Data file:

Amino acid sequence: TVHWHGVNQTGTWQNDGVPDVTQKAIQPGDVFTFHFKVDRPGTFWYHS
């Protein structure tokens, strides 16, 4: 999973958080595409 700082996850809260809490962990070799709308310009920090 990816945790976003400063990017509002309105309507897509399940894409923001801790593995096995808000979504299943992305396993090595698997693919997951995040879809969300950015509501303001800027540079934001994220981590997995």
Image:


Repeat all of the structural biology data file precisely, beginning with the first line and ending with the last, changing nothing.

Amino acid sequence: TVHWHGVNQTGTWQNDGVPDVTQKAIQPGDVFTFHFKVDRPGTFWYHS
């Protein structure tokens, strides 16, 4: 999973958080595409 700082996850809260809490962990070799709308310009920090 990816945790976003400063990017509002309105309507897509399940894409923001801790593995096995808000979504299943992305396993090595698997693919997951995040879809969300950015509501303001800027540079934001994220981590997995």
Image: